Only if you want to keep your teeth!

    And it’s not enough to just “brush.” You need to use the right kind of brush, use the right kind of mouthwash, maintain the proper PH level, eliminate harmful bacteria, etc.

    You’ll notice the difference IMMEDIATELY.

    And since dental health is so important for HEART health, maintaining proper dental health can literally save your life.

  21. I don’t know if this brushing mouthwash thing is true. My gums seem better when I only brush once a day. I get less bleeding with gums and no soreness.

    I also eat fermented foods and not much sugar. I think there’s something to Seth’s bacterial space competition theory.

    If brushing and mouthwash, etc is so necessary, how do you explain the excellent oral health of pre-agricultural remains?

    http://www.npr.org/blogs/health/2013/02/24/172688806/ancient-chompers-were-healthier-than-ours?ft=1&f=1001

    Hell, my cat doesn’t need to brush his teeth and they’re all perfectly white. I feed him a 100% animal meat/organ diet.

    I’m also not sure that good dental health CAUSES good heart health. Bleeding gums and heart disease are common side effects of chronic inflammation. Brushing your teeth doesn’t fix inflammation, though.

  22. Darrin asked me a question (below). Yes, I am taking 4000 IU of Vitamin D every morning, and have been since summer of 2012. (I started at 10000 IU and worked my way down to 4000. If I only take 2000 my sleep suffers.) I have been taking the honey for over a week.

    >Hi Bruce,

    >Are you still taking the Vitamin D in the morning (as well as the honey before >bed)?

  23. “I get less bleeding with gums and no soreness.”

    You’ll get ZERO bleeding gums, and no soreness whatsoever. And no infections.

    “how do you explain the excellent oral health of pre-agricultural remains?”

    They didn’t eat what you (probably) eat, especially all the sugar and carbs.

    “I’m also not sure that good dental health CAUSES good heart health. Bleeding gums and heart disease are common side effects of chronic inflammation. Brushing your teeth doesn’t fix inflammation, though.”

    Poor dental health creates bacteria in your blood. If that bacteria reaches your heart, there go your heart valves. E.g., endocarditis.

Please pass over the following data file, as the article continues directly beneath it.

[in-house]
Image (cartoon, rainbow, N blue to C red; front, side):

http://www.mayoclinic.com/health/endocarditis/DS00409

    You’ve basically got it backwards, my friend. Bleeding (infected) gums can cause chronic inflammation. Even stress can, in the form of cortisol.

    Another good book to read is:
    The Great Cholesterol Con: The Truth About What Really Causes Heart Disease and How to Avoid It, by Dr. Malcomb Kendrick
    http://www.amazon.com/The-Great-Cholesterol-Con-Disease/dp/1844546101

  24. GeoffD, I found that combining the honey with coconut oil didn’t seem to work as well. I did it for similar reasons to you. It might be worth considering that you want that quick insulin spike and temporary rise in blood sugar from the honey. Adding a fat possibly changes things a bit. But test it and see what happens, I kind of like the idea of trying to combine other foods for a better effect.

  25. “You’ll get ZERO bleeding gums, and no soreness whatsoever. And no infections.”

    Well, like I said, it gets worse the more I brush. My personal experience is different than your expectations. I also don’t eat sugar (except this honey experiment and the occasional fruit) or grains.

    In fact the only thing I’ve really found that gets rid of my gums bleeding is proper omega 3 to omega 6 ratio.

    Anyway this is rather tangential to the subject at hand. I’ve found that I sleep better with honey, but I’m waking up sooner. I don’t feel any less refreshed, maybe a bit more refreshed in fact. Just strange to be waking up at ~5am.

    1. “I’ve found that I sleep better with honey, but I’m waking up sooner.”

      I found that a lot of standing had the same effect. I woke up sooner but slept better.

  26. Stuart King,

    I tried 1.25 tsp raw organic last night without the coconut oil. A good, not great night of sleep. I did go to bed an hour later. I’ll try again tonight and for 7 days sans oil.

  27. To Keimpe above thinking about sugar as a preservative, in marmalade: there it’s acting as a desiccant, sucking the water out of bacteria by osmosis. Same principle as salted meat. It’s not going to achieve that in your mouth.

  28. “Well, like I said, it gets worse the more I brush.”

    That’s because your gums are INFECTED.

    Until you deal with that, they’ll continue to bleed.

  29. I’ve been doing this for about a week and a half now, taking 1.5tsp of honey ~45-60 minutes before bed. I’ve noticed two things so far. One, my feeling after my morning workouts improved. This is subjective; I don’t have any hard strength or endurance numbers to back up any improvement yet.

    The second is more objective: after about a week (didn’t start happening right away), I have regularly started waking about an hour before I usually do, and when I wake, my body feels like it’s ready to get up. The only reason I go back to sleep is because I check the clock and it’s 3:30am.

    Next thing on the list is to shift my bedtime so I early wake at a less obscene hour and watch my performance to see if the early waking is because honey is improving or disrupting my sleep.

  30. I am interested about the orange glasses. Where can you get one? have anyone tried it? those it work? Computer, TV, fluro lights are bad for sleep.
    I will try the honey. I also do EFT in bed ( emotional freedom technique) sometimes it helps. I have an active mind and keeps chatting when I am trying to sleep.

    Seth: I got my oranges glasses from amazon.com. You might try getting plenty of sunlight, like an hour, in the morning. That might slow down your active mind at night.